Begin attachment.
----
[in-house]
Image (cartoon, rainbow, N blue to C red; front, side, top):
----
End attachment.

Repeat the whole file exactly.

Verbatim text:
[in-house]
Image (cartoon, rainbow, N blue to C red; front, side, top):